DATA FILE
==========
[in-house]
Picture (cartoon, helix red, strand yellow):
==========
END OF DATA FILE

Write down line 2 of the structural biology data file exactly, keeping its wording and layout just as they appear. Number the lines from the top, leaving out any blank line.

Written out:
Picture (cartoon, helix red, strand yellow):